KDA Clarifies After Market Modifications to Scales

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The following letter was sent to large scale service companies from Doug Musick with the Kansas Department of Agriculture’s Weights and Measures Division on June 15, 2015: (please note that referenced attachments can be obtained by contacting your KGFA staff)

I have been asked to give an interpretation on what scale modifications are allowed beyond what was NTEP’ed and which are not specifically addressed by regulation. This is a very complex issue. The question came about specifically with the addition of concrete sidewalls being added to scales. The safest approach is don’t modify a scale. If you decide modification is the best or only option I encourage you to visit with Loren or I about the proposed modification beforehand and have our approval first. Doing so will avoid most potential conflict.

Most modifications will add increased dead load or force and need evaluated for effects on performance parameters. This is primarily because the additional load was not evaluated as part of the NTEP process. This increased dead load has the potential to exceed various design capacities of the scale such as nominal capacity, section capacity, load cell capacity, bearing surface capacity etc.

Handbook 44, Scales, UR.4.3. allows modifications but requires an engineer and the weights and measures jurisdiction to approve the modification. Attached you will find two spread sheets developed by Henry Oppermann which we will use to evaluate how a modification may affect the performance parameters of the device. When considering the effect on performance parameters for mechanical scales we must consider the increased load on the bearing/pivot surfaces. This is an issue we will want addressed by the engineer.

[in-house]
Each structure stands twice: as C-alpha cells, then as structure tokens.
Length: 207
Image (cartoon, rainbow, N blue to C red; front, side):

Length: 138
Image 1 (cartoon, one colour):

In lieu of UR.4.3 I have decided to allow an alternative method to be used in some cases such as the cement sidewall example. The alternative is to reduce the nominal capacity of the scale by the amount of additional dead weight added to the scale. For example if a scale has a nominal capacity rating of 120,000 lbs and the increased dead load being added for the modification is 10,000 lbs the scale would then have to be installed and marked with a new nominal capacity of 110,000 lbs or less. We will not allow this simplified method when a modification changes the length or width of a scale. Modifying width and length could introduce lever effects which increase force applied to scale components greater than the amount of dead load added.

Determining added dead load will be an estimate in many cases. We will error on the side of caution and estimate high when we are uncertain of the actual weight added.

No modification will exempt a scale from complying with other specifications, tolerances, and user requirements. For the cement sidewall example we can assume the scale will catch more wind and make accurate measurement increasingly difficult. This needs to be considered and should most likely be discussed with the customer before installation and modification occurs.